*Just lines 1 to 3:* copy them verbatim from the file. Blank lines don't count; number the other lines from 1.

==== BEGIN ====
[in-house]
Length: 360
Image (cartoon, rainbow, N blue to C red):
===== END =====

[in-house]
Length: 360
Image (cartoon, rainbow, N blue to C red):